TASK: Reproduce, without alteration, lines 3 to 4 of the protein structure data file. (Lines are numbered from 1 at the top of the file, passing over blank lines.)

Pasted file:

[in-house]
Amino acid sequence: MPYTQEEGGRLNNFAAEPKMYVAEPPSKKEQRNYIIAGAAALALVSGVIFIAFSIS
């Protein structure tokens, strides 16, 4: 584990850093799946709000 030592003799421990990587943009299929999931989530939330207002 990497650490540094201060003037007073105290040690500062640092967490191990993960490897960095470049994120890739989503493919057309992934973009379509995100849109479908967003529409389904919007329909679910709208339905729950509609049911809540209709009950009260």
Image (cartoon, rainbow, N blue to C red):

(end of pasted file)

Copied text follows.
């Protein structure tokens, strides 16, 4: 584990850093799946709000 030592003799421990990587943009299929999931989530939330207002 990497650490540094201060003037007073105290040690500062640092967490191990993960490897960095470049994120890739989503493919057309992934973009379509995100849109479908967003529409389904919007329909679910709208339905729950509609049911809540209709009950009260």
Image (cartoon, rainbow, N blue to C red):